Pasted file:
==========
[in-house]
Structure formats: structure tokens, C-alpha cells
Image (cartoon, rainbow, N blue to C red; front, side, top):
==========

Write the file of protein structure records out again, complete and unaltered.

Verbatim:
[in-house]
Structure formats: structure tokens, C-alpha cells
Image (cartoon, rainbow, N blue to C red; front, side, top):